Texas Blind Salamander

 

Scientific Name: Eurycea rathbuni

Texas Blind Salamander

Description: The Texas blind salamander is highly adapted for life in an aquatic, underground environment. Since it lives it total darkness, it has no need for vision, and its eyes are reduced to two black spots. It lacks pigment and appears a translucent white color. The head is wide and flattened. Bright red gills protrude from the throat area and are present from birth.

Size: They reach only 3.5 to 5.5 inches in length and have thin, elongated legs to support their weight. Their finned tail makes up a large portion of their body length.

Diet: The Texas blind salamander preys upon aquatic invertebrates such as snails and shrimp. It’s very sensitive to slight changes in water pressure, which allows it to find prey by sensing their movements.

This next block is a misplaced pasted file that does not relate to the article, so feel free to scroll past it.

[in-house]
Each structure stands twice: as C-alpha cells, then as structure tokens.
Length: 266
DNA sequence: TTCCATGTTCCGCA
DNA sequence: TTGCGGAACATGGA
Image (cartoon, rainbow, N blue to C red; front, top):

Habitat: Cave dweller.

Range: These salamanders have a very restricted range. They are only found in water-filled caves fed by the Edwards Aquifer in Hays County, Texas.

Life History and Reproduction: In their isolated habitat, Texas blind salamanders are the top predators. Reproduction is believed to occur year round.

Fun Fact: Texas blind salamanders rarely venture to the surface. They’re only seen aboveground when their water source pushes them upward.

Conservation Status: Because their range is so restricted and they are facing water pollution and overuse threats, the salamanders are incredibly vulnerable to extinction. They are Federally listed as Endangered, and they are also bred in captivity.

Sources:
U.S. Fish & Wildlife Service – National Fish Hatchery System 
Texas Parks & Wildlife Department 
Herps of Texas

 

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